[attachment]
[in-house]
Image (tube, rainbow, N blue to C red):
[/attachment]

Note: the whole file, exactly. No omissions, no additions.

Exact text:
[in-house]
Image (tube, rainbow, N blue to C red):